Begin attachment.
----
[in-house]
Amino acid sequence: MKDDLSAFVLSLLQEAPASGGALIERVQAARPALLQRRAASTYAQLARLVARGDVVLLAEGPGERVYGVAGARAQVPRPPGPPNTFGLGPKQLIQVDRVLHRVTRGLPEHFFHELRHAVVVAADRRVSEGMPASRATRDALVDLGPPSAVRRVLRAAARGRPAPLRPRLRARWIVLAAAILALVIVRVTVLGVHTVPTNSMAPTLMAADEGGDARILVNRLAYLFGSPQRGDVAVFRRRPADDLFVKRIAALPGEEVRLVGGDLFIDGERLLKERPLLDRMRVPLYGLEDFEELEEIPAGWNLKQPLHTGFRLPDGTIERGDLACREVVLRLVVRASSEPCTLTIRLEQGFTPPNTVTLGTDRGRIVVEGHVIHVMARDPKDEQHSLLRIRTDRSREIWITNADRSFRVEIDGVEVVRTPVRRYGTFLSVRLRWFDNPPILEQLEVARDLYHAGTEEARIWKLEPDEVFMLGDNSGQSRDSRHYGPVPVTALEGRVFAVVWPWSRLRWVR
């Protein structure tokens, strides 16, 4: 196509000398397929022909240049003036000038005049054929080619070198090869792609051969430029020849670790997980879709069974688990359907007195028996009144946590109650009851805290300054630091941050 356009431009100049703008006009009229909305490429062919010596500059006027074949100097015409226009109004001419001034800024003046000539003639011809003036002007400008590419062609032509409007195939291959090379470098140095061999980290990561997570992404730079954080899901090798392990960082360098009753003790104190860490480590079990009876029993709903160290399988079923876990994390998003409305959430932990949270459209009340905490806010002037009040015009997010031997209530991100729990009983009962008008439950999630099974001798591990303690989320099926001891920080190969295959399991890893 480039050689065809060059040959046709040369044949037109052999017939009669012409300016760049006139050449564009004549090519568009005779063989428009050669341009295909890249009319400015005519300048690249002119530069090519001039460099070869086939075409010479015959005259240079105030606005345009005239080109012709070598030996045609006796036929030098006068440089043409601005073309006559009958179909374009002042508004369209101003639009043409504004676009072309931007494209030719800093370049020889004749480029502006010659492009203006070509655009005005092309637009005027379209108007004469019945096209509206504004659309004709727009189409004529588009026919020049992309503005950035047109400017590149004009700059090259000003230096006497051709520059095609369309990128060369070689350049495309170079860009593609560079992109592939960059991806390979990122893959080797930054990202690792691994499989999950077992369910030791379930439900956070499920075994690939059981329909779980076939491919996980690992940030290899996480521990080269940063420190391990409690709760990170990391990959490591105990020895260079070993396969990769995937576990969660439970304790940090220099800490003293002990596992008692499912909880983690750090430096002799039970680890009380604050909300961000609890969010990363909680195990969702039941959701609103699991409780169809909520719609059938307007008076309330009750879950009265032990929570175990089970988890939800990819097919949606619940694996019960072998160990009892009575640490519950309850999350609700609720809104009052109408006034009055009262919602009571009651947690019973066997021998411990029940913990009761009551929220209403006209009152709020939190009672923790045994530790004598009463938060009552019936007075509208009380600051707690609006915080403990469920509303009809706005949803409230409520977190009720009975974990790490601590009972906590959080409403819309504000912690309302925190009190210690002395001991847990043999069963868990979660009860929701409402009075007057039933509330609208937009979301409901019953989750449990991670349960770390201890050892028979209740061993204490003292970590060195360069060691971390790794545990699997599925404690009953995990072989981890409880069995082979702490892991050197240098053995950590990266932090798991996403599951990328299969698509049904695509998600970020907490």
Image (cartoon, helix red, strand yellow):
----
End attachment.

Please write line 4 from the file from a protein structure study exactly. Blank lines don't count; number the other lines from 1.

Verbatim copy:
Image (cartoon, helix red, strand yellow):